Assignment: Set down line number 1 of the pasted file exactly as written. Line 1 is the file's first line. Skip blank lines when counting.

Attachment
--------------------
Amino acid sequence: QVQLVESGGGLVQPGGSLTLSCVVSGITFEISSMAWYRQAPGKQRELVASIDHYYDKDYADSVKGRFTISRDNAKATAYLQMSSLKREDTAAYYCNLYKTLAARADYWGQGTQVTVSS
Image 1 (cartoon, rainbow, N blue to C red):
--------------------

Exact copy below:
Amino acid sequence: QVQLVESGGGLVQPGGSLTLSCVVSGITFEISSMAWYRQAPGKQRELVASIDHYYDKDYADSVKGRFTISRDNAKATAYLQMSSLKREDTAAYYCNLYKTLAARADYWGQGTQVTVSS